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There is often the conception that once we own land, we can do whatever we want with it. Sadly for some landowners, there are regulations, restrictions, and responsibilities placed on land use, which can exist at the local, state, and federal level.
Most, if not all of these regulations come from two often competing interests: conservation and agriculture. Those interests, along with one man's desire to build a house, are colliding in Northern California, where a turkey farmer is suing over a county ordinance he claims will force him and his family to farm his land in perpetuity.
Farm, or Else
Willie Benedetti's family has owned around 270 acres in Valley Ford in Marin County, California since 1972. Benedetti, who the Press Democrat refers to as a "Free-range turkey pioneer," wants to build a house on that property for his son. The only problem is the California Coastal Commission, and a policy that restricts new housing on agricultural land.
Marin county has a local coastal program (LCP), a plan governing development of the county's coastal areas, which must be certified by the California Coastal Commission. A land use portion of the LCP was adopted in May, containing a policy mandating that, "Agricultural dwelling units must be owned by a farmer or operator actively and directly engaged in agricultural use of the property."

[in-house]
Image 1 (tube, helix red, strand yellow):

While the goal of the plan was to discourage subdividing land and encourage multi-generational farming by expanding the allowable family houses per 60 acres from just one to three, Benedetti's lawsuit claims, "Building a dwelling unit on Mr. Benedetti's property will trigger the requirement that the property be owned by someone actively and directly engaged in agricultural use of the property," what opponents of the plan have referred to as "forced farming."
"What they are doing is not right," Benedetti told the Press Democrat. "To put pressure on the farming community. It's ludicrous." If he's right, his case could upend decades of land-use regulations, and the ability of state and local governments to restrict development in the name of conservation, environmental preservation, or community interest.
California State Representative Jared Huffman, who represents northern California's coastal region, doesn't seem too worried, claiming the legality of local land use and zoning restrictions has been "battle-tested in the courts."
"If someone wants to re-litigate it and try again," Huffman, a former environmental attorney said, "I'm fairly confident about the outcome"